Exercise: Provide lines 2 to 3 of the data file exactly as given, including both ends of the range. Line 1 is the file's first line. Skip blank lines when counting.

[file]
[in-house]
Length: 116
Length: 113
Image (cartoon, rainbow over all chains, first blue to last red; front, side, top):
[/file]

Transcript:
Length: 116
Length: 113